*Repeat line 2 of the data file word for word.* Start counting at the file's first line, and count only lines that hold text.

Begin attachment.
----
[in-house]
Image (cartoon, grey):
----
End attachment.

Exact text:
Image (cartoon, grey):